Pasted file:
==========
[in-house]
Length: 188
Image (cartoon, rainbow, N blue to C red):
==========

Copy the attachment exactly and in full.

[in-house]
Length: 188
Image (cartoon, rainbow, N blue to C red):